Now rendering is at a stable stage (at least stable enough), I’ve started working on the next chapter of CiderKit: User Interfaces. And that’s a big one! User input is can be handled out of the box by SpriteKit. However, as far as I know, there is no proper UI toolkit available for SpriteKit. Providing basic UI components like containers, buttons, or even sliders, should be relatively easy. But styling them efficiently can be somewhat challenging. Fortunately, the web solved most of this issue many years ago with Cascading Style Sheets (CSS).
CSS have evolved a lot since their introduction in 1996, going through several monolithic iterations up to version 2.1, then being split in many different independent modules for CSS 3 and 4. From a specification point of view, this is bit of a mess. I only need a subset of it though: no flexbox, no positioning.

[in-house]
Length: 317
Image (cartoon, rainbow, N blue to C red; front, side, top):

Because embarking in writing my own CSS parser, I did some research. Unfortunately, to the best of my abilities, I didn’t find something that really suited my needs. SwiftSoup is a full HTML parser, way too complex for my use case. And others are either not maintained or not Swift packages (and I don’t want to invest anymore in Cocoapods or Carthage). Furthermore, I will probably limit styling to the actual look of the controls and don’t need many of the positioning features of CSS.
And then CiderCSSKit was born. For now, it’s mainly a pure lightweight CSS parser.
Here’s the list of existing or missing features:
background-image: 10pxfor example)
~) are not implemented
#ffffor example) are not supported (colors must use six hexadecimal digits)
I plan to implement ways to extend the capabilities of the parser, notably with a specific model for custom validation and functions. That will allow the use of CiderCSSKit in other contexts than CiderKit’s UI management. I hope that in the future, the package will be agnostic enough to be use by anyone out there. But for now, I have to test it in real situations and improve.